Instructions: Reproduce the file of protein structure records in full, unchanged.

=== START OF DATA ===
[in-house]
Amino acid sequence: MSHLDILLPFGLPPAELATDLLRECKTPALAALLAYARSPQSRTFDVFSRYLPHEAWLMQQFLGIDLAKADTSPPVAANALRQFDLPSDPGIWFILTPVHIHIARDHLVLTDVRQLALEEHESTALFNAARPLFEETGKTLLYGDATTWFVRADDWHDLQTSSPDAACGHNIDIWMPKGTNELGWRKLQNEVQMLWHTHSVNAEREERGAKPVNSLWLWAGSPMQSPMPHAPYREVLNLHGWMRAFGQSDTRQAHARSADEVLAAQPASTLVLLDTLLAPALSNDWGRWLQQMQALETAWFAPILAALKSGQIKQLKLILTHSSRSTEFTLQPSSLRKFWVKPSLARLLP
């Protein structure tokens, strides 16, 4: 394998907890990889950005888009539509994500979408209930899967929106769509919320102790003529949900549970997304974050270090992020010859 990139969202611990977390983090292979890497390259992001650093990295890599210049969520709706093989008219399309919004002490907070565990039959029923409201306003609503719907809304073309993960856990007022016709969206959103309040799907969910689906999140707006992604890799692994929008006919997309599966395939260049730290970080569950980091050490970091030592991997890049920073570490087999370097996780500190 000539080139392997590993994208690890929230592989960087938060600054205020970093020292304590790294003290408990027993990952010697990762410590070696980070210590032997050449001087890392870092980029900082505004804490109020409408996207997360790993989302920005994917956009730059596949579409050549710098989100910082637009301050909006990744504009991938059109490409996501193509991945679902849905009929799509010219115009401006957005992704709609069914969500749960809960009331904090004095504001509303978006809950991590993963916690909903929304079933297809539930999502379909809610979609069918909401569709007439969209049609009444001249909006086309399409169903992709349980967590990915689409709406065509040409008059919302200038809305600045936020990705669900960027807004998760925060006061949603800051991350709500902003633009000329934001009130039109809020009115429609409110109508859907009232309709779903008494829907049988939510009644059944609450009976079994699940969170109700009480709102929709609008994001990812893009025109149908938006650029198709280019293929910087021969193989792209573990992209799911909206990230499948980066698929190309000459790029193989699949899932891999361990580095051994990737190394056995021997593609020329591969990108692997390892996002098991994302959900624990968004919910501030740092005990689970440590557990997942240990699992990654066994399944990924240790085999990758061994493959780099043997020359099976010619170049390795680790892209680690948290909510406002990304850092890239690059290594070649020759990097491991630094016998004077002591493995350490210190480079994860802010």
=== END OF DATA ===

[in-house]
Amino acid sequence: MSHLDILLPFGLPPAELATDLLRECKTPALAALLAYARSPQSRTFDVFSRYLPHEAWLMQQFLGIDLAKADTSPPVAANALRQFDLPSDPGIWFILTPVHIHIARDHLVLTDVRQLALEEHESTALFNAARPLFEETGKTLLYGDATTWFVRADDWHDLQTSSPDAACGHNIDIWMPKGTNELGWRKLQNEVQMLWHTHSVNAEREERGAKPVNSLWLWAGSPMQSPMPHAPYREVLNLHGWMRAFGQSDTRQAHARSADEVLAAQPASTLVLLDTLLAPALSNDWGRWLQQMQALETAWFAPILAALKSGQIKQLKLILTHSSRSTEFTLQPSSLRKFWVKPSLARLLP
């Protein structure tokens, strides 16, 4: 394998907890990889950005888009539509994500979408209930899967929106769509919320102790003529949900549970997304974050270090992020010859 990139969202611990977390983090292979890497390259992001650093990295890599210049969520709706093989008219399309919004002490907070565990039959029923409201306003609503719907809304073309993960856990007022016709969206959103309040799907969910689906999140707006992604890799692994929008006919997309599966395939260049730290970080569950980091050490970091030592991997890049920073570490087999370097996780500190 000539080139392997590993994208690890929230592989960087938060600054205020970093020292304590790294003290408990027993990952010697990762410590070696980070210590032997050449001087890392870092980029900082505004804490109020409408996207997360790993989302920005994917956009730059596949579409050549710098989100910082637009301050909006990744504009991938059109490409996501193509991945679902849905009929799509010219115009401006957005992704709609069914969500749960809960009331904090004095504001509303978006809950991590993963916690909903929304079933297809539930999502379909809610979609069918909401569709007439969209049609009444001249909006086309399409169903992709349980967590990915689409709406065509040409008059919302200038809305600045936020990705669900960027807004998760925060006061949603800051991350709500902003633009000329934001009130039109809020009115429609409110109508859907009232309709779903008494829907049988939510009644059944609450009976079994699940969170109700009480709102929709609008994001990812893009025109149908938006650029198709280019293929910087021969193989792209573990992209799911909206990230499948980066698929190309000459790029193989699949899932891999361990580095051994990737190394056995021997593609020329591969990108692997390892996002098991994302959900624990968004919910501030740092005990689970440590557990997942240990699992990654066994399944990924240790085999990758061994493959780099043997020359099976010619170049390795680790892209680690948290909510406002990304850092890239690059290594070649020759990097491991630094016998004077002591493995350490210190480079994860802010």